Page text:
How do you define yourself?
Let’s start by filling in the blanks: “I am ___” or “I fight for ___.”
Throughout this school year, Critical Exposure partnered with students from the Rhode Island School of Design and DC Public Schools to answer those statements through photos.
The result was a public art project with portraits hung on the walls and windows of local businesses throughout the city.
I had the chance to check out this project during a recent showing at the Pepco Edison Place Art Gallery, hosted by Critical Exposure.
It was amazing seeing how an image can mean much more than what you see. For example, a photo of a construction site shows a young DC native a city that is changing.
A self-portrait shows a young artist, like Tavean Osborne, how far he’s come. Looking at his piece, “I AM WHO I AM,” he said: “What I’ve done in the past, I’ve put it all in a picture to remind me that I’m not that person I used to be back in the day.”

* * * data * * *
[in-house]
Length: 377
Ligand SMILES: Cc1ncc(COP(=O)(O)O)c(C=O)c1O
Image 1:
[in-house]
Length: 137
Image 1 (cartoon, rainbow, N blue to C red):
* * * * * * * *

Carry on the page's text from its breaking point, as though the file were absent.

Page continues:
Visiting the gallery was definitely a great experience, especially learning that REFRAME came out of youth’s concerns that adults advocating for education reform are too detached from the communities and people they wish to help.
What if Critical Exposure took an intergenerational approach like the Rachel Carson Sense of Wonder Contest or the Intergenerational Digital Photography Curriculum?
Both the contest and curriculum are opportunities to connect the generations and correct misconceptions on both sides.
Maybe an intergenerational approach would raise more support for their initiative.
Seeing the work they accomplished since March gets me excited. I can’t wait to see what else Critical Exposure has in store.